We want to be a boutique firms, so we don’t want to serve, you know, thousands of people in terms of clients. But we want to serve a, you know, a, I’d probably say a few hundred with about 20 employees and really build a firm. That’s all about achieving people’s highest vision in their life. Um, and then in terms of personal life, I’m also seven months pregnant.
So I tend to do everything. Yeah. I mean, my, my husband and I hope to keep this house as a rental property because we are, um, two [00:36:00] blocks from the beach here in LA and, uh, stepping, building up all over around us. Um, but we, we actually want to move closer to his, his, um, family in Pasadena. And, um, and start kind of having a, you know, a little bit more of a suburban lifestyle.
Scott: Awesome. How do you, how do you think about, uh, managing the, your ass as part of this?
Christina: So I’m I, so I’ll, I’ll tell you also, in terms of, of books I’ve been reading lately, I’ve been kind of validated by some of that. I’m a boring investor. Um, I, I believe in having, you know, my real estate as in hard, hard assets and then having a portfolio.
Of retirement assets, qualified assets, as well as taxable assets. And on the taxable side, again, like a broad range of ETS. I want municipal bonds in there, you know, because we live in a very high tax state of California. Um, [00:37:00] and I just, and I want that to work for me consistently over time. I’m not a big risk taker.
Um, though, you know, a lot of our, the clients that we work with, they, they have a portion of their. Wealth in their company stock, for example. Right. Um, I, I liked spreading everything out and I just want the highest probability to reach my highest goals and how you do that. As you stay diversified, you pay, you don’t pay a lot of fees and you minimize taxes.
Mindy: Okay. I got to jump in here and say, Christina is the CFP saying that she is a boring investor? And I think that is so powerful because having all of these exciting investments leads to a lot of sleepless nights. You want that everybody that we listened to, or I’m sorry, everybody that we interview who is successful in their investment strategy is [00:38:00] boring and that’s the best boring is the best.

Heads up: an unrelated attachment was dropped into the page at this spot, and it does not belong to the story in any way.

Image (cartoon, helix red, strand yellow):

You said diversification love that. Um, you said bonds. I don’t really like bonds, but we’ll agree to disagree. We’re in different places that I live right now. And I, uh,
Christina: they only have 10% bonds as the brakes to my gas pedal. Don’t worry,
Mindy: love bonds. And I, we should really bring somebody on who can. Talk intelligently about bonds, because I, I know that I can’t speak intelligently about them.
I just know that they don’t make a lot of money. So I want to make a lot of money in my investments. Um, but I love that you don’t like risk. Nobody wants to lose their money. Be boring in your investments. Stay the course, uh, put in, you know, on a consistent basis and just. Set it and forget it. Are you actively trading a lot of your ETFs or do you kind of just throw it in there and you’re done
Christina: so, so to [00:39:00] be clear, there is risk and stock and stock market investing
Mindy: past performance is not indicative of a future game.
Christina: Um, but, but again, the way that I think about it again, it’s the law of averages, right? So with a high yield savings account today, what are you making points? Seven. If you’re lucky, right? Like maybe, um, what, when we run long-term projections, you know, the stock market on average, um, you know, on, on average a year is like 7% going back in time, right?
7%. Um, if I can do 6.5% a year, my financial plan works until I’m 90 years old. I’m good with that. That’s kind of what I’m looking for, right. Is, is, you know, anywhere from five and a half to six and a half percent, anything above that is gravy. Oh, I’m sorry. What did you ask me? I just wanted to, I got into, I got on a little bit